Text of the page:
Frontal numbers even out-date numbers on the back, as on their July 1923 tour of Argentina, Scottish club side Third Lanark are documented wearing large numbers attached to their chests, along with their opponents “Argentine Zona Norte”. This method obviously didn’t catch on, although other examples of outside the box formatting famously include another Scottish side with Celtic’s refusal to cover their green and white hoops for many years, instead placing squad numbers on the front and rear of their shorts – a practice forcefully discontinued only in 1994.

A brand new way:

For the next step in front numbers, we must move to continental Europe in the late 1960’s and go into some other important new features that came first. With the spatial-real estate of the shirt-back now taken up (or so it was thought), most of the front was still virgin land full of potential save for the odd club badge (often only appearing on cup finals shirts in England), and while Celtic staunchly refused to sully their traditional shirt design even with numbers, it turned out that most other clubs were willing to go much further than that in the form of corporate branding.

Austria and Denmark were the first countries to legalise advertising on club shirts in their domestic competitions, with the baton soon very much passed to France. In England kits designs were still extremely minimal, but the ever stylish French were ahead of the game with 1966 Coup de France winners Strasbourg mindblowingly already wearing the logo of Le Coq Sportif on their smart double-hooped shirts, and shorts, in the final.

The national team wasn’t far behind and seemingly became the first to feature a manufacturer brand on their kits in 1969, with the logo of French legend Raymond Kopa’s Kopa company appearing on the shorts. The same year, shirt sponsorship was introduced for French club teams, with specific brands supplying and sponsoring all teams in cup competitions (another strange idea that would last until the 90s), soon including above the number on the back.

Not stopping with manufacturer and sponsor logos, small front numbers were also adopted by French club sides around 1970; an idea already used by American soccer teams in accordance with some of their other sports uniforms. This combination of new elements combined to create the birth of the modern kit, with Olympique Lyonnais’s cool 1971 effort an example of a real ahead-of-it’s time classic that foreshadowed a future national team template rather than club (white with same-colour v-neck, LCS logo on the left, club crest on the right over a dual red/blue vertical stripe, and small squad number in the center).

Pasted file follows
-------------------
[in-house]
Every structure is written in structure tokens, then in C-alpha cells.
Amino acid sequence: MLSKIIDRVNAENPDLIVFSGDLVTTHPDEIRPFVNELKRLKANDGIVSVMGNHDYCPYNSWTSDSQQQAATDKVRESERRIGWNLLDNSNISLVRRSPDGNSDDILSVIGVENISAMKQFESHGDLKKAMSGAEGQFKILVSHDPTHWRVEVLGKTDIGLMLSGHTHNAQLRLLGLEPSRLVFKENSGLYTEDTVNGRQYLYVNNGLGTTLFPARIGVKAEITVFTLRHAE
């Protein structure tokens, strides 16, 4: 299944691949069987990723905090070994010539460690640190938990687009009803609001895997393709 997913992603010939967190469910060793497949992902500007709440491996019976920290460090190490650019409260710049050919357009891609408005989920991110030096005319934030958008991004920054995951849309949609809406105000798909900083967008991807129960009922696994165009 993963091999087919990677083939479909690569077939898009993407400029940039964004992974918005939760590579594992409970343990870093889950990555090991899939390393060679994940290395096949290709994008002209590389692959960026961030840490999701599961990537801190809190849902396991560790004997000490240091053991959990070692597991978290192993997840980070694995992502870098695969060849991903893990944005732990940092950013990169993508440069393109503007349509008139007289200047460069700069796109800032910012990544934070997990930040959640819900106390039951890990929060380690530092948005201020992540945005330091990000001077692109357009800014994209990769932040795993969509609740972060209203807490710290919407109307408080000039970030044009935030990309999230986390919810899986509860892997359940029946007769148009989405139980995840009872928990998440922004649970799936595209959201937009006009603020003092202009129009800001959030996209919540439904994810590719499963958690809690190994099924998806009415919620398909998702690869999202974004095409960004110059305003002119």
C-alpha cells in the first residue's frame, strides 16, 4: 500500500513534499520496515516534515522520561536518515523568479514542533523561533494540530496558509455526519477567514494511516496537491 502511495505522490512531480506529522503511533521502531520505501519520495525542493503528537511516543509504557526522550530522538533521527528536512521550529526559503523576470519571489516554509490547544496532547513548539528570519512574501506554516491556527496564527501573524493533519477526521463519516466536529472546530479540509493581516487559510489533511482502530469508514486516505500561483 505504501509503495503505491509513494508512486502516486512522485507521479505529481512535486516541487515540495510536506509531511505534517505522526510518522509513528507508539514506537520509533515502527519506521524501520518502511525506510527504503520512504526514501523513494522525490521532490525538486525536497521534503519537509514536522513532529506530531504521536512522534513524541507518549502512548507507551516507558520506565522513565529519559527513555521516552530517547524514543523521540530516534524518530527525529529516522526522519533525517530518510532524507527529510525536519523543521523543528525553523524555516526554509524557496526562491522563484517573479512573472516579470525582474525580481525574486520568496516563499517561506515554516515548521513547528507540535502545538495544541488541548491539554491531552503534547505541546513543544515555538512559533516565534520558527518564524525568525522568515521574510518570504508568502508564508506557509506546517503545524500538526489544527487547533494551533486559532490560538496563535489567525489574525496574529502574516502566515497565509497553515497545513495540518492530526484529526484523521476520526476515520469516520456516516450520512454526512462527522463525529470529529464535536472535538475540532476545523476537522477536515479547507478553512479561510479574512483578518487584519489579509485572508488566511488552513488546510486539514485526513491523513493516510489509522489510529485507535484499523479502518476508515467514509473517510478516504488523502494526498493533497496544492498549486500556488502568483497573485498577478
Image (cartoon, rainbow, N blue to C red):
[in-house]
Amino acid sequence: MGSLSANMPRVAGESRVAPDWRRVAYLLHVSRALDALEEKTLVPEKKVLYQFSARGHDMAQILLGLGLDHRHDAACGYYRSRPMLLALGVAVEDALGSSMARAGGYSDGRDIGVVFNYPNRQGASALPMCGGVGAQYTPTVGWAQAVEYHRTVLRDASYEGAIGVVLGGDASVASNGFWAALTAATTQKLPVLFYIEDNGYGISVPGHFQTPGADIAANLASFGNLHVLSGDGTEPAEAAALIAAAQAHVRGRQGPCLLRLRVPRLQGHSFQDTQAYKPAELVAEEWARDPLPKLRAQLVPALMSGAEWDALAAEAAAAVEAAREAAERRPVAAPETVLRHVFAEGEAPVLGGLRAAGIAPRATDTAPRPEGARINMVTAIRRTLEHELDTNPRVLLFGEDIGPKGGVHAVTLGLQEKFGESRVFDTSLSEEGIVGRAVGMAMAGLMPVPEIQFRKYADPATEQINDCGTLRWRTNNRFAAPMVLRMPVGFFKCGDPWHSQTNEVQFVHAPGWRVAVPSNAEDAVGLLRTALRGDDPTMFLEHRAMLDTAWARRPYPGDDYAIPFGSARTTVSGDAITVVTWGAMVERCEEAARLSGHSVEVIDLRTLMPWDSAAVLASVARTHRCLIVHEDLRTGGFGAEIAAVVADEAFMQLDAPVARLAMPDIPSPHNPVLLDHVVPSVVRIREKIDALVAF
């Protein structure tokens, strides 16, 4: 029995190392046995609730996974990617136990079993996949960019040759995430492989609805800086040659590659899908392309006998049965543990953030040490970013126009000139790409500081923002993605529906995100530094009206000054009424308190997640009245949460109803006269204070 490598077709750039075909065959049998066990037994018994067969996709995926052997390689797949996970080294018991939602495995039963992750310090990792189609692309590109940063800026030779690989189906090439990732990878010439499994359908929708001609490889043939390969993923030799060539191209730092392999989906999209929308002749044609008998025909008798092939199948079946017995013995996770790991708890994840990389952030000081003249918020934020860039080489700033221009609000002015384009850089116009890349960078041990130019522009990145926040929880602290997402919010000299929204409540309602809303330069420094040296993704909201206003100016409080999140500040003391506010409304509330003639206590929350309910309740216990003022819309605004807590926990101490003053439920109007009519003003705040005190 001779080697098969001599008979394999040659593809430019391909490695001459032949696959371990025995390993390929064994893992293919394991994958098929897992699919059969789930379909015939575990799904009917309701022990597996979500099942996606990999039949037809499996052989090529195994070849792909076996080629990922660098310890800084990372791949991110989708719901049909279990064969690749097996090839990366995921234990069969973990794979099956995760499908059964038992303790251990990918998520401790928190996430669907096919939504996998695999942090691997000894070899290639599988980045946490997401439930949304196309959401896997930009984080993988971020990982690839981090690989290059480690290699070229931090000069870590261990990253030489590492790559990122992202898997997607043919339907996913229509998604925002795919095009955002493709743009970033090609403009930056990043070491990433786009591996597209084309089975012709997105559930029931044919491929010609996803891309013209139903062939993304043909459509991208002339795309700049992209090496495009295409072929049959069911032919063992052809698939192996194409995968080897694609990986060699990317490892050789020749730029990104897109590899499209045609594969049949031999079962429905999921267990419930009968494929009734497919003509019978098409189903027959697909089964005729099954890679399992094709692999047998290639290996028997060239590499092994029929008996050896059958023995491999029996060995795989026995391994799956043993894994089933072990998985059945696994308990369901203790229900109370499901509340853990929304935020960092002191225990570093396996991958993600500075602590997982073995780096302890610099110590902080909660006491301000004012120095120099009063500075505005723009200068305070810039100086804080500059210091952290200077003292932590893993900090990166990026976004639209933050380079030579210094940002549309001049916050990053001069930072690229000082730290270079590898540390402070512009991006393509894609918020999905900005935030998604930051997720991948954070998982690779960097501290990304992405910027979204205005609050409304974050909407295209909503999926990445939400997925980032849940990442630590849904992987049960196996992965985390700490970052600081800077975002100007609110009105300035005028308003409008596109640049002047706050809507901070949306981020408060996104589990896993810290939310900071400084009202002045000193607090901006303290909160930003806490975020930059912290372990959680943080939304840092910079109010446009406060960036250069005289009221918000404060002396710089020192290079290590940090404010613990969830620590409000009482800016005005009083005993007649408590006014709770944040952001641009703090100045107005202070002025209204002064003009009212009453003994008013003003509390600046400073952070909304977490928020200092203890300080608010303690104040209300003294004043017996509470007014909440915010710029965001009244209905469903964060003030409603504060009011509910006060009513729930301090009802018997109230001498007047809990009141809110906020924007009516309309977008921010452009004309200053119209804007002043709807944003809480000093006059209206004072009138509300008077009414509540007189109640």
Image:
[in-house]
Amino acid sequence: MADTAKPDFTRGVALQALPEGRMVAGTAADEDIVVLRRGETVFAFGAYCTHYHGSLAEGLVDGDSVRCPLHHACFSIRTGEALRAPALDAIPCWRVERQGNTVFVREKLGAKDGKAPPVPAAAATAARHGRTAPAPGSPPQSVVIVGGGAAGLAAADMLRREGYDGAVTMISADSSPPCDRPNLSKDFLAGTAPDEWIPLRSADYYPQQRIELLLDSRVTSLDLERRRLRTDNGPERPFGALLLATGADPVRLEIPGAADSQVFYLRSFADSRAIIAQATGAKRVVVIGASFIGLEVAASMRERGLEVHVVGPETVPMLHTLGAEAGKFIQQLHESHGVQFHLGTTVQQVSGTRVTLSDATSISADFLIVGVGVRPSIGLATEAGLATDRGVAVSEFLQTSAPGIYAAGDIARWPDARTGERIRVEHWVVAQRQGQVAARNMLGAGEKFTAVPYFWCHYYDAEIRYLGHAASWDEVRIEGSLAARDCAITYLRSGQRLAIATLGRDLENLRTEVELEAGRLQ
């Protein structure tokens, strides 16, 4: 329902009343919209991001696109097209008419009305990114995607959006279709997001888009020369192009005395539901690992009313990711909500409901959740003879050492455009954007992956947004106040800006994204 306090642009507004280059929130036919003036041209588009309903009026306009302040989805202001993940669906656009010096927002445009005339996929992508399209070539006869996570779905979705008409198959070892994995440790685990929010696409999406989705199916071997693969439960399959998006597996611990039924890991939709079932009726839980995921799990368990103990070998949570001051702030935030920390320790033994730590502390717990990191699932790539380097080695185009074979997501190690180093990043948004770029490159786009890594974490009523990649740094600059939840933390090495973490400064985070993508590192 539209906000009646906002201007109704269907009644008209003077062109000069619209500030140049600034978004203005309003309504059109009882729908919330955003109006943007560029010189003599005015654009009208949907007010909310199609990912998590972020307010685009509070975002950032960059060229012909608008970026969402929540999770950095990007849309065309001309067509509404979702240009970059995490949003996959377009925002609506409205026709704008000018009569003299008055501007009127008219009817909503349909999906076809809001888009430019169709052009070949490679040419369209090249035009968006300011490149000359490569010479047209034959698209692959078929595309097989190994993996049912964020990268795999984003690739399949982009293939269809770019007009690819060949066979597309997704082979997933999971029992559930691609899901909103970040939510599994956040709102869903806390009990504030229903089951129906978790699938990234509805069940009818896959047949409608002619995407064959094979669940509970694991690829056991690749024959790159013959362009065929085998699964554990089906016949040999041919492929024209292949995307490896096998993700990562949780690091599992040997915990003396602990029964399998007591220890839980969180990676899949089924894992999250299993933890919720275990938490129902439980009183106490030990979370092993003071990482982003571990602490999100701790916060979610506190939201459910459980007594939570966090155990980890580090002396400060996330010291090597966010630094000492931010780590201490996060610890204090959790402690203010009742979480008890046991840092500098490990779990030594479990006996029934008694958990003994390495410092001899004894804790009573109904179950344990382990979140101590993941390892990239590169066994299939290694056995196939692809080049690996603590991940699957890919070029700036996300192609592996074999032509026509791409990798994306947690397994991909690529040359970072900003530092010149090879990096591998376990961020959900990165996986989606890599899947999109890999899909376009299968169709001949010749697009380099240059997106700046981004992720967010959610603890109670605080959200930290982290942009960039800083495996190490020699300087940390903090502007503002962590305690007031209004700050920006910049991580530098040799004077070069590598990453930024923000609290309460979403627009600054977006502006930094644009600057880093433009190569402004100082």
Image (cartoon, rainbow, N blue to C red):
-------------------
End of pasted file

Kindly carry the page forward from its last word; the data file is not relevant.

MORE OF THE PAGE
Front numbers would be mandatory in the French cup for the next ten years and hence used by clubs across the board. Like kit-maker branding, the idea would soon spread to the French national team who had switched from Kopa to an LCS logo on their shorts in 1970, adding Adidas franchised shirts in 1972.

The first French Adidas shirt was revolutionary in it’s own right, debuted against Greece in September 72. While no trefoil was yet present, the famous three white stripes appeared on football shirt sleeves – and indeed down the sides as well – for the first time on an international jersey, with one of the inner lines coloured red to beautifully create a tricolore.

On October 10th, 1972, the USSR visited Paris for a World Cup qualifier still wearing a kit that would not have been out of place when they first joined FIFA in the early 50s. The French, in contrast, appeared in an incredible white/white/red strip that was twenty-five years ahead of it’s time, with blue/red/blue sleeve stripes, tidy wrap around collar, and most importantly small front numbers on the chest. The French goalkeeper kit was significant too as it in fact did feature an Adidas trefoil, perhaps making it the first international kit to feature both a trefoil and front number.

Interestingly, numbers themselves at this time in France were produced by specific manufacturers, and the font used by the national team was visibly trademarked by “Somms”, who also supplied numbering for many club sides at the time such as PSG. The French would only use front numbers for another couple of games for now, including against Ireland in Dalymount Park on November 15th, 1972, but the vision of the future had been set.

Paint it boot:

In England in 1973, Liverpool were among the first to bring in this continental kit style of shirt that featured more than just the club badge, as a small Umbro diamond began to appear parallel to their crest. In 1976, a non-league club called Kettering Town became the first in Britain to use blatant advertising, as the words “Kettering Tyres” were applied to their shirts for a reported four-figure fee, although it was into the 1980s before clubs were allowed wear sponsors on TV.

But before either of these frontiers were crossed, there was one other way for certain companies’ logos to be displayed on a player for the viewing public to see, in the form of football boots. Adidas had been the dominant force in the boot game, with their three stripes appearing on football footwear since the 1950s, although by 1970 Puma were on the scene as used by Pelé.

While the white flashes on Adidas and Puma boots will have no doubt already annoyed traditionalists, what was to come in 1970 would be an even bigger step into the future. Until that point boots had mostly been classic black, with a less appealing brown leather used for older models.

Like many of his peers, Everton’s Alan Ball had been wearing black Adidas boots until hearing that German firm Hummel and their new British based franchise were looking to enter into the market. What’s more, they were willing to pay £2000 for a player to boldly step on to the field in their latest innovation: a white football boot.